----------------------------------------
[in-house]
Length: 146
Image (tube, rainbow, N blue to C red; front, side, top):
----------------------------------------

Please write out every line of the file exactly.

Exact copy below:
[in-house]
Length: 146
Image (tube, rainbow, N blue to C red; front, side, top):